Tasmania's first Labor Government lasted just seven days.
It was 1909, and a turning point in politics. The only party was Labor and they had 12 members in the 30-seat House of Assembly.
The rest were independents, who'd formed a "fusion" coalition to run the state under Premier Sir Elliott Lewis.
However it was an uneasy alliance with Tory and progressive elements, and no party structure or discipline. They were united only by a determination to keep Labor out of Government.
In October 1909 the fusionists split, led by Norman Ewing and Captain Jack Evans declaring themselves dissatisfied with Tory leadership and moving no-confidence.
Labor was caught. They weren't strong enough to form a Ministry - but how could they refuse to support no-confidence in the arch-Tory Premier?
So the no-confidence motion won and the Ministry fell. Sir Elliott tendered his resignation and recommended he invite Labor's John Earle to form a Government.
Mr Earle was commissioned on October 18 and quickly announced his Cabinet.
Immediately, Sir Elliott announced he would be moving a no-confidence motion on the return of parliament.
This was a bit rude, given he'd recommended Mr Earle to the Governor only two days before.
Even the conservative Mercury felt a man should have a chance to announce his policies before being shot down!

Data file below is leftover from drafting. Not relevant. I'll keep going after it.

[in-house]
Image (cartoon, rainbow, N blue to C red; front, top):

But Sir Elliott believed his rebels had learned a lesson. Now he gambled on them agreeing to come together again to defeat their common enemy.
True to his word, when parliament reconvened on October 22, Sir Elliot immediately moved "That Ministers do not possess the confidence of this House."
It appeared Jack Evans had been regretting his shafting of Sir Elliott and backed the no-confidence motion.
"The Captain's back on board" quipped one member and the motion passed easily.
All the rebels had rejoined the "fusion" and two Labor members didn't even turn up for the vote.
Rather than simply resign, Labor's Premier Earle asked the Governor for a new election.
The Governor thought about it, but decided the reunited fusion group likely had a workable majority on the floor of the Assembly. Thus no dissolution and election was needed. Mr Earle then handed over his resignation and the Governor sent for Sir Elliott.
The old government group was now stronger than before. The rebels would not make the same mistake twice and it seemed Sir Elliott was more amenable to their concerns. He recommissioned his old ministers and after all the fuss, the only change was a minister without a portfolio retired.
Thus the first Labor Government lasted a week, a Tasmanian record that has never been broken.
Parliament resumed as though nothing had happened, and Labor relaxed back into its familiar role as the official Opposition.